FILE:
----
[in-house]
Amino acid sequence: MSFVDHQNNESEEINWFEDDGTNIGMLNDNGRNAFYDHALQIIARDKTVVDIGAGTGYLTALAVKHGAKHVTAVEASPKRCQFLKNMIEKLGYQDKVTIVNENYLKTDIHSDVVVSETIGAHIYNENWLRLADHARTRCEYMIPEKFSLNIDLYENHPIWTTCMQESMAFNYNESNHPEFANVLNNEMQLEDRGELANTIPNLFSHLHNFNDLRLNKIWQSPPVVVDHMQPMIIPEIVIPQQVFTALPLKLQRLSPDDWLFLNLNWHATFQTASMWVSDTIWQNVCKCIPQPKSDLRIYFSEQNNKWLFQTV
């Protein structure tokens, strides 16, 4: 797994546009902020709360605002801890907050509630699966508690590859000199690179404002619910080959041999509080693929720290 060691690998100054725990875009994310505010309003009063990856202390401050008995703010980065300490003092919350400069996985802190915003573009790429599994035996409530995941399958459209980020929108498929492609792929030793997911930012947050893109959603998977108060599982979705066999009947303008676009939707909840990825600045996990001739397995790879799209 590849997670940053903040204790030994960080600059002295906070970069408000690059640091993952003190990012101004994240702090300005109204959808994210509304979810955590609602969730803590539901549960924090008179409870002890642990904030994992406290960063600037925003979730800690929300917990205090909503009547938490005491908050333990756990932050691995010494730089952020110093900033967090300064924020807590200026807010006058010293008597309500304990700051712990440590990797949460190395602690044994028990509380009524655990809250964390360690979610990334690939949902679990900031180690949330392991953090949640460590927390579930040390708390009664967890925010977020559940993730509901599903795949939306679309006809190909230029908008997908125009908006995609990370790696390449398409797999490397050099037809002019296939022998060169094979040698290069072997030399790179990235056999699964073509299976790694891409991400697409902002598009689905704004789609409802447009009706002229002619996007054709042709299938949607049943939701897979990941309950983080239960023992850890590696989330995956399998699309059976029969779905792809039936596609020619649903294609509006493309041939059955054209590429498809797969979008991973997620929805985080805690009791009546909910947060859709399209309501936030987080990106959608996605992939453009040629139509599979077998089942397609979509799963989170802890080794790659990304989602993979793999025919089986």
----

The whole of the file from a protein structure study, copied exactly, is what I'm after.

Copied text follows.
[in-house]
Amino acid sequence: MSFVDHQNNESEEINWFEDDGTNIGMLNDNGRNAFYDHALQIIARDKTVVDIGAGTGYLTALAVKHGAKHVTAVEASPKRCQFLKNMIEKLGYQDKVTIVNENYLKTDIHSDVVVSETIGAHIYNENWLRLADHARTRCEYMIPEKFSLNIDLYENHPIWTTCMQESMAFNYNESNHPEFANVLNNEMQLEDRGELANTIPNLFSHLHNFNDLRLNKIWQSPPVVVDHMQPMIIPEIVIPQQVFTALPLKLQRLSPDDWLFLNLNWHATFQTASMWVSDTIWQNVCKCIPQPKSDLRIYFSEQNNKWLFQTV
């Protein structure tokens, strides 16, 4: 797994546009902020709360605002801890907050509630699966508690590859000199690179404002619910080959041999509080693929720290 060691690998100054725990875009994310505010309003009063990856202390401050008995703010980065300490003092919350400069996985802190915003573009790429599994035996409530995941399958459209980020929108498929492609792929030793997911930012947050893109959603998977108060599982979705066999009947303008676009939707909840990825600045996990001739397995790879799209 590849997670940053903040204790030994960080600059002295906070970069408000690059640091993952003190990012101004994240702090300005109204959808994210509304979810955590609602969730803590539901549960924090008179409870002890642990904030994992406290960063600037925003979730800690929300917990205090909503009547938490005491908050333990756990932050691995010494730089952020110093900033967090300064924020807590200026807010006058010293008597309500304990700051712990440590990797949460190395602690044994028990509380009524655990809250964390360690979610990334690939949902679990900031180690949330392991953090949640460590927390579930040390708390009664967890925010977020559940993730509901599903795949939306679309006809190909230029908008997908125009908006995609990370790696390449398409797999490397050099037809002019296939022998060169094979040698290069072997030399790179990235056999699964073509299976790694891409991400697409902002598009689905704004789609409802447009009706002229002619996007054709042709299938949607049943939701897979990941309950983080239960023992850890590696989330995956399998699309059976029969779905792809039936596609020619649903294609509006493309041939059955054209590429498809797969979008991973997620929805985080805690009791009546909910947060859709399209309501936030987080990106959608996605992939453009040629139509599979077998089942397609979509799963989170802890080794790659990304989602993979793999025919089986």